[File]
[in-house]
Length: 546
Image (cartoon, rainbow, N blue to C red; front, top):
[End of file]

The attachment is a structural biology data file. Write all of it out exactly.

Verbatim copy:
[in-house]
Length: 546
Image (cartoon, rainbow, N blue to C red; front, top):